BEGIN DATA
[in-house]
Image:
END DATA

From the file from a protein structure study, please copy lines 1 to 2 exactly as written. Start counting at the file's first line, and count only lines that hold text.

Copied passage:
[in-house]
Image: